Published Date: 31.10.2018
The Police Ombudsman, Dr Michael Maguire, has said that while he understands the family of Robert McCartney may well feel that the criminal justice system has failed them, there is no evidence police played any part in that failure.
Mr McCartney and those with him were attacked in Belfast on 30 January 2005, having just left Magennis‘ Bar in May Street a short time earlier. He died from his injuries. A number of other men were seriously injured.
The Police Ombudsman’s Office received a series of complaints about how police conducted their investigation into what happened, including that those responsible may have been police informants who were protected from justice.
Dr. Maguire said that the PSNI investigation was comprehensive: “A lot of the public discussion on what happened has focused on events in Magennis‘ Bar, although Robert and his friends were subjected to a brutal attack in a busy street close to the city centre.
The McCartney family may have comforted themselves with the thought that the very public nature of the attack would in itself have helped find and convict those responsible. I can only begin to understand their frustration when this did not happen.
The police investigation of events that night was complex, with what can best be described as some unique obstacles, including a reluctance by some witnesses to give evidence and concerns about the credibility of others. The detectives sought to work around these problems. Their investigation was detailed and comprehensive and resulted in three people facing trial.
Investigation was detailed and comprehensive and resulted in three people facing trial.
I can understand if the family feel the criminal justice system has failed them. Having examined all the information carefully, I can assure them that the fact that no one has been convicted for the murder can in no way be attributed to the work of police in gathering evidence,” he said.
One complaint asked how it was possible for the bar area to be cleaned prior to police arriving on the scene, leaving so little forensic evidence.
The Police Ombudsman found that the police delay in arriving at the bar was not due to any inefficiency on their part: the victims had been discovered nearby and the priority for police officers was the preservation of life, after which they could begin to seek to identify where the attacks happened.
His investigators established that the equivalent of three industrial bins of material was recovered from the scenes and extensive DNA testing was carried out on blood matter.
They found that despite allegations to the contrary, police interviewed the man alleged to have cleaned the bar area after the murder.
It was also alleged that people were allowed to leave the scene without their names and addresses being recorded.
Police Ombudsman investigators confirmed that people left the bar prior to the arrival of police, who then ensured they got contact details for all those who were still present.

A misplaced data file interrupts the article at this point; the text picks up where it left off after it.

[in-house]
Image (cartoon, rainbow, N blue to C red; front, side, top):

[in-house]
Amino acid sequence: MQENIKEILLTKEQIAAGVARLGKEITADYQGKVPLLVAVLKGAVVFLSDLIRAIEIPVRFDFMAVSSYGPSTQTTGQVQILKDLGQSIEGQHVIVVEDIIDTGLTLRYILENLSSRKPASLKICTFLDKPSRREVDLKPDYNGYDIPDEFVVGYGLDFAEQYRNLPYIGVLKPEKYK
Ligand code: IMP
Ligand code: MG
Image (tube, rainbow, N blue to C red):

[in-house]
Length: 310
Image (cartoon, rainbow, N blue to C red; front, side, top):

Investigators found that police had gone to ‘considerable lengths’ to identify those who had been in the bar earlier, including conducting both door to door inquiries and media appeals.
They did not find evidence to support a complaint that identification parades should have been held much sooner, saying that the strategy to hold off on immediate arrests and ID parades was valid.
The issue of police efforts to find the origins and whereabouts of the knife used to stab Mr McCartney was also raised.
Investigators established that police interviewed several people and conducted an extensive search of drains, gulleys and roof tops over a wide area in their efforts to find the weapon.
They found no records which would support an allegation that police had received information about shoes with blood on them, hidden in the home of a named individual.
Similarly, they did not find evidence which would support an allegation that one of the suspects was not interviewed properly, nor that two named individuals or anyone else had been protected from prosecution because they may have been police informers.
The Police Ombudsman had some criticism of the PSNI and said the proper resourcing of the investigation team was challenging from the outset:
“The work on telephone interrogations, for instance, was not as coordinated as it could have been. A designated Telephone Liason Officer should have been appointed, but all these officers were already assigned to the investigation of the Northern Bank robbery. Evidential opportunities may have arisen if there had been a more consistent approach to telecommunication enquiries,” said Dr Maguire.
Police Ombudsman investigators have met members of Mr McCartney’s family, briefed them on the findings of their investigation and apologised for the time it has taken to complete.